For all its style and sophistication, the 2013 Hyundai Santa Fe Sport doesn’t forget that, deep down, it’s supposed to be a family-friendly alternative to the likes of the Chevy Equinox, Ford Edge and Nissan Murano. Thus, the Hyundai has more cargo space than that trio regardless of whether their second rows are folded flat or in their upright positions, and without giving up more than a few cubic inches in terms of passenger volume. To quantify things here a bit, the Santa Fe Sport is 184.6 inches long, nestling between the compact Ford Escape (178.1 inches) and the also-mid-size Equinox (187.8 inches). Yet on the inside, the Hyundai's passenger volume of 108 cubic feet and 35.4 cubic feet of space in the rear cargo area compare to 99.7 and 31.4 in the longer Chevy.
The Santa Fe Sport’s rear seats also are quite functional, with a helpful 40/20/40 split and the ability to both recline and slide for added comfort. They also can be folded down using a quick-release feature in the rear cargo hold, while mounting the temporary spare tire outside and below that space allowed engineers to design in some useful underfloor storage.
Then, along with expected premium features like a heated steering wheel, heated front seats, navigation, rear-seat climate vents and a panoramic sunroof, the 2013 Hyundai Santa Fe Sport has a couple of surprises usually available only from lux makers. Among them: Heated rear seats, manual sunshades for second-row side windows, and an audiophile-style Infinity Logic 7 surround-sound system from the experts at Harman Audio. It delivers 550-watts of power, 12 speakers and sound performance that was specifically tuned for the Santa Fe Sport’s cabin.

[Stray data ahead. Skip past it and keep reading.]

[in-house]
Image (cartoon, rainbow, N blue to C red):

2013 Hyundai Santa Fe Sport: Powertrain Review
Two engines are available in the 2013 Hyundai Santa Fe Sport, both mated to the automaker’s six-speed automatic transmission. The starter unit produces a healthy 190 hp and 181 lb.-ft. of torque, with both marks coming in near the top of the segment, and returns an EPA line of 22 mpg city/33 mpg highway/26 mpg combined—that’s currently the highest highway mark of any automatically transmissioned crossover in the country. (The all-new 2013 Buick Encore will be capable of 25/33/28 when it arrives, but it’s more than 16 inches shorter than the Hyundai.)
But what really puts the “Sport” into the Santa Fe Sport is the available 2.0-liter turbo that makes 264 hp and 269 lb.-ft. of torque, and is ensconced in one of the lightest vehicles in its class. With a curb weight of 3,569 lbs., the sporty Santa Fe is 266 lbs. lighter than the outgoing version and more than 480 lbs. beneath the weight of the EcoBoosted Ford Edge. And it even scores slightly better EPA grades than the Ford, with ratings of 21 mpg city/31 mpg highway/25 mpg combined.
2013 Hyundai Santa Fe Sport: First Drive